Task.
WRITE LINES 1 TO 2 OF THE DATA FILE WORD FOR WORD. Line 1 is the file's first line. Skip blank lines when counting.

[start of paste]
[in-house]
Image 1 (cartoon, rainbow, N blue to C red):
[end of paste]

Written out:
[in-house]
Image 1 (cartoon, rainbow, N blue to C red):